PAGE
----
Coalition members, including Tim Storer of Brent Green Party,
outside the Departmentr before handing in petitions and letters
Yesterday the Coalition for a Sustainable Brent Cross Regeneration, supported by Navin Shah AM for Brent and Harrow and Sarah Teather MP handed in petitions and letters to John Denham, Secretary of State for Communities and Local Government, to ask him to call-in the Brent Cross Regeneration Application for a Public Inquiry.
Brent Green Party's letter requested a call-in based on the following grounds:
1. The residents of the London boroughs of Brent and Camden were not consulted on this matter despite the scheme having major impact on residents of the two boroughs. Our own council, Brent, remain opposed to this development despite suggestions to the contrary at the Barnet Planning Committee.
2. This development will have a major impact on North West London in terms of traffic, increased pollution and the destruction of local shopping areas in surrounding localities. These issues were not considered by the Barnet Planning Committee which had a Barnet-centric approach to the application. A wider assessment of the application is vital and would be provided by a Public Inquiry.
3. The application does not conform to the Government’s Climate Change Law to reduce Co2 by 80% by 2050. The scheme will generate thousands more car journeys per day and become a net contributor of greenhouse gases and global warming.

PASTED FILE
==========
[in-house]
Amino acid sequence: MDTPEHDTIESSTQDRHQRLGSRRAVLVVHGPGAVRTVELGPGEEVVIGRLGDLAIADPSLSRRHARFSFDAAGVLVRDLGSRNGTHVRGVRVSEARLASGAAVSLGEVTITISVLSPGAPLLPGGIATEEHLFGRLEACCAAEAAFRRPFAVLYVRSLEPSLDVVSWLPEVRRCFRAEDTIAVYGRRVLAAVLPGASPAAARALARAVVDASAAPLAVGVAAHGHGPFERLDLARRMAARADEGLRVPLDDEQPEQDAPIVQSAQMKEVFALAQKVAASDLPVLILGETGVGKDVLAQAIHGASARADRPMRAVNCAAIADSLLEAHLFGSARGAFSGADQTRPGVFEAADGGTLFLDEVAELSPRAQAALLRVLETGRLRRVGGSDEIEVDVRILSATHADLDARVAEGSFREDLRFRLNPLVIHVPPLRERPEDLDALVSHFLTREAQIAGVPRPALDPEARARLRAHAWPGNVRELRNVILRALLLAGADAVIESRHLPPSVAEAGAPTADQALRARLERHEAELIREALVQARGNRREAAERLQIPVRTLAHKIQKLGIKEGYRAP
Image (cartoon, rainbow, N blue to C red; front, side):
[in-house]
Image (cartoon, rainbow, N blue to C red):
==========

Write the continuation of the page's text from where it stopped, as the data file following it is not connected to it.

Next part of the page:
4. The lack of clarity in evidence presented at the Planning Committee on the proposed waste handling plant and incinerator. In the face of expert opinion by a visiting US professor on the potential health hazards of the proposed gasification process we believe that the Secretary of State should institute a Public Inquiry to ensure that the health and safety of the local population, and particularly that of young children who are particularly vulnerable to the impact of toxic substances, is safeguarded.
5. The major thrust of the application is to extend the Brent Cross Shopping Centre and other components of Phase One of the scheme, such as affordable housing, have been cut back. A proposal to increase the size of the Shopping Centre was rejected by a Public Inquiry in 1999 and a Judicial Review and High Court judgement in 2003. The proposal represents the developers’ second bite at the cherry in much changed and less favourable economic circumstances.
6. Although the Planning Committee is supposed to make an independent judgement, the application was compromised by the fact that the Barnet Borough Council are major supporters of the scheme and have helped facilitate the process for the applicants. Importantly they are also major landowners in the development area.